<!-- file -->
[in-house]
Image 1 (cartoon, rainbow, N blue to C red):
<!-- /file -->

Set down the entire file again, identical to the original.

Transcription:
[in-house]
Image 1 (cartoon, rainbow, N blue to C red):